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Thus died William Lord Russell, on the 21st of July, 1683, in the 44th year of his age. Few men have deserved better of their country. Though not remarkable for very brilliant talents, he was a man of solid judgment; and was never led astray, by any curious sophistry, to confound the perceptions of right and wrong; to mistake slavery for duty; or to yield to power the homage which is due to virtue. He was a warm friend, not to liberty merely, but to English liberty; a decided enemy, not only to regal encroachment, but to turbulent innovation. He was a good son, a good husband, a good father, and, like some others whom our own days have seen, united mildness of domestic affection with severity of public principle. His integrity was so conspicuous, as to gain him that ascendant over the minds of men, which is generally reserved for genius. And, although Englishmen have not much reason to be proud of the reign of Charles the Second, they cannot fail to recognize the sound morality of their countrymen, in the respect and confidence which accompanied an honest man contending against the general corruption, even when surrounded and opposed by statesmen of conspicuous ability. It is gratifying to find that, even in the scale of popularity, eloquence and wit are outweighed by sense and integrity.

It must be owned, that few politicians have been so little swayed by interest as Lord Russell. Even Sprat, who wrote under the eye of James, for the purpose of defaming those who died for the Rye-House Plot, only attributes to him a too great love of popularity, and an idle fear of losing his abbey lands. And, after the Revolution, he eagerly retracted what he had said of the last speech of Lord Russell; declaring himself convinced of " that noble gentleman's great probity and constant abhorrence of falsehood." Evelyn, who was as likely as any man to speak the opinion of his time, says, "Every one deplored Essex and Russell, especially the last, as being thought to have been drawn in on pretence only of endeavouring to rescue the King from his present counsellors, and secure religion from Popery, and the nation from arbitrary government, now so much apprehended."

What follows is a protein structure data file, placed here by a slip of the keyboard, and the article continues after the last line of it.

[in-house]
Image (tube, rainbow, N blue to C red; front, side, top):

The political opinions of Lord Russell were those of a Whig. His religious creed was that of a mild and tolerant Christian. If, as it must be admitted, he showed a violent animosity to the Roman Catholics, to an extent which cannot be justified, it must be recollected, that his hostility was almost entirely political. The attack which was made upon our constitution appeared in the colours and with the ensigns of Popery; and it was only by resisting the Romish Church, that civil liberty could be secured. He wished our own institutions to be more favourable to dissenters; or, in other words, for a larger comprehension of sects. Had this wish been gratified, the Protestant Church of England would have been strengthened, both against the See of Rome, and against future schism, with the loss only of some slavish doctrines, and a few unimportant ceremonies, which our early reformers never adopted.